In light of the wind-down of the ecommerce business that began in January 2024, we are presenting the information for the Vroom ecommerce business and related portions of that business as of December 31, 2023 (not including the UACC business). As of that date, 38% of Vroom’s workforce self-identified as female and 55% as people of color. Within the management leadership team (Director level and above), 29% identified as female and 15% as people of color. As we focused on ensuring all employees had an equal voice and opportunity to succeed, we saw positive changes year over year in employee sentiment. In response to our annual Engagement Survey, 89% of our responding employees indicated agreement with the statement “Everyone here is treated fairly regardless of race, gender, age, ethnic background, disability, sexual orientation, or other differences,” an increase of three points from 2022 and more than eight points since 2021.

 

We also integrated physical safety and risk management into our daily operations by focusing on a robust training program. All employees in safety-sensitive roles were required to complete safety training during onboarding and periodically thereafter. We continued to focus on a specific safety program for our reconditioning and logistics facilities further reducing our total recordable injuries from 7 in 2022 to just 5 in 2023. During 2023 we also continued to build robust reporting systems. Our electronic reporting system provided all employees the ability to report safety events. Employees in safety sensitive positions have always been required to report all incidents no matter the severity. The comprehensive identification and management of all events including near-miss reporting was a significant part of our safety culture.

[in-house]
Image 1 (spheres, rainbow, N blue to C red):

Driver safety was also of utmost importance. All of our CDL drivers were required to go through an extensive two-week, in-person onboarding and training program for safe operation and driving. With over 2 million miles driven in 2023, our CDL drivers finished the year with zero ‘at fault’ Department of Transportation (“DOT”) reportable incidents. Our last mile group also transported over 23,000 vehicles without any reportable incidents. As an organization, Vroom finished 2023 with an OSHA recordable rate consistent with 2022 of 0.53 - better than the industry standard. Fleet safety was an essential part of our operations. Vroom had a dedicated DOT manager to promote exceptional compliance for our trucks and drivers. With 45 roadside inspections conducted on our vehicles and drivers during 2023, we had only two "out-of-service" violations for our trucks (5% vs a national average of 21%) and one violation for our drivers (1.5% vs a national average of 6%).


In January, after we began to wind down the ecommerce business, we maintained our commitment to treating our employees with dignity and respect. We offered all employees salary continuation through notice pay, severance, or a combination of both, as well as eligibility for benefits continuation and outplacement services. In most cases, we also allowed employees to maintain personal electronic devices after proprietary information was rendered inaccessible. The Company also provided multiple follow-up email communications, continued opportunities for 1-1 dialogue, and set up a site for exiting employees that includes job search tips, job leads, and information on accessing benefits and outplacement. While this was a difficult task, we worked to, and continue to work to, provide a supportive environment for our Vroommates’ adjustment.

 

UACC


UACC operates under a set of values that has guided it for a number of years: accountability for one's own actions; integrity in what we say and do; fun in the celebration of one another's successes; consistency of actions and deeds; and service excellence in bringing the best of what we have to our customers every day. UACC’s mission is to provide the best opportunities for its dealers and customers to achieve financial success through hard work, innovation, and great service.